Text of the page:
SUNBURNED AND HUNGRY after a day of tubing down the Guadalupe, you head back to Austin for dinner at one of your favorite Tex-Mex restaurants—a garish, festive joint called Chuy’s. You are seated and slurping on a margarita when you spot a striking man in a nearby booth. A little over six feet tall, he’s wearing navy trousers, a light blue Sea Island cotton shirt, and a light navy jacket. You notice the thin, almost cruel lips, the comma of dark hair falling across his forehead, the faint scar running down his right cheek. It occurs to you that the man bears more than a passing resemblance to James Bond. Then he rises and moves across the room to chat up a leggy blonde at another table. As he sweeps by, you catch the gleam of his trademark Walther PPK nestled in a shoulder holster under the jacket, and you realize with a start that it is James Bond.
Bond in Texas? If you think that sounds like the fantasy of a young Texan with dreams of international espionage, you aren’t too far off. Something like that scene can be found in the pages of The Facts of Death, the second James Bond novel by Texas-born Raymond Benson, to be published this month by Putnam. The 42-year-old Benson is the first non-British writer to assume the mantle of Ian Fleming, who created James Bond in the fifties and wrote some fourteen books about his exploits. Benson got the call in November 1995 from Fleming’s literary agent, Peter Janson-Smith, who heads up Ian Fleming Publications (until recently known as Glidrose Publications), the British company established by the Fleming family to manage the writer’s literary estate. At the time, Benson was working as a computer-game designer in suburban Chicago. A Bond fan since childhood, he had never written a novel but had published the omnibus James Bond Bedside Companion and was considered an authority on the suave secret agent.
Sitting in an Austin cafe last fall, Benson looked pensively at a copy of 1997’s Zero Minus Ten, his first Bond novel, and a paperback of his novelization of last year’s Bond film, Tomorrow Never Dies, and shook his head. “It’s still hard to believe,” he said. “Here’s this glossy paperback with Pierce Brosnan’s face on it, and there’s my name underneath. I can’t get used to seeing it.” A somewhat rumpled man of medium height with a neatly trimmed beard, Benson has little in common with the storied character. No career in the military or in espionage. Doesn’t smoke. Doesn’t like martinis that much. “I’ve stepped into some very big shoes, and I have a responsibility to do good by them,” he said of writing about Bond. “It’s scary at times—a dream come true that I was never allowed to dream.”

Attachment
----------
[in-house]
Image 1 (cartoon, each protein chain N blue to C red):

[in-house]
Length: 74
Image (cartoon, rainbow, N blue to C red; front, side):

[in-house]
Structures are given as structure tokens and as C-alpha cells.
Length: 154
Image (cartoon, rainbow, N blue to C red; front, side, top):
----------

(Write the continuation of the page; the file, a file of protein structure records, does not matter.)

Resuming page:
Ian Fleming’s shoes are very big indeed, and these days the walk in them is uphill. His literary legacy has fallen on hard times over the past ten years, and it will be a challenge for Benson to return the James Bond of the printed page to his glory days of the sixties. For one thing, as an American, he has had to overcome the skepticism of British critics who see Bond as essentially British and Americans as essentially incapable of understanding what that means. And then there’s the pressure of not only preserving but also elevating the status of the character he has loved almost his entire life. Benson thinks the answer lies in taking Bond back to familiar ground—restoring him to the original character Fleming invented. And it’s only fitting that Benson would take this Bond back to the place where he first fell under his spell, his old Texas stomping grounds.
Ian Fleming introduced James Bond to the world in the 1953 book Casino Royale. By the time Fleming died, eleven years later, Bond had become a movie icon as well as a literary phenomenon. Fleming had sold the film-production rights to Harry Saltzman and Albert Broccoli’s Eon Productions in 1961, ensuring that the film character would have a measure of immortality—and in effect separating the Bond of film and the Bond of books into completely unrelated entities. But the literary Bond also managed to survive Fleming. In 1968 British novelist Kingsley Amis penned a new Bond adventure, Colonel Sun. After that there were no Bond books until 1981, when Glidrose asked British mystery-espionage writer John Gardner to continue the series. License Renewed came out that year and was followed by an average of a book a year for the next fourteen years. During that time, James Bond grew increasingly moribund in the bookstores, and in 1995, by mutual agreement, Gardner and Glidrose ended their relationship.
“Who reads James Bond these days?” asked New Yorker critic Anthony Lane in a June 1996 review of a new Ian Fleming biography. “More to the point, who knows that it is possible to read James Bond at all?” For recent generations, Bond is a suave, wisecracking screen figure who battles villains with steel teeth and drives fancy sports cars that shoot missiles under water. Fleming’s Bond was more serious. He was indeed dashing and debonair, but he was also a grim and cold-blooded killer, knifing through the bleak international intrigues of the cold war era. “Exotic things would happen to and around him,” Fleming once said, “but he would be a neutral figure—an anonymous blunt instrument wielded by a government department.” With changing times and the phenomenal success of many of the movies, the film Bond, with his wry persona, has run roughshod over the steely character Fleming sketched in his books.
Some critics, Benson among them, attribute the literary Bond’s diminishing popularity to the lighter and more politically correct tone struck by Gardner and the films of the seventies and eighties; Bond had lost both the strengths and the weaknesses that had made him compelling. “Readers have been clamoring for the hard-drinking, hard-smoking, womanizing Bond,” Benson says. “There was actually a movement to have Bond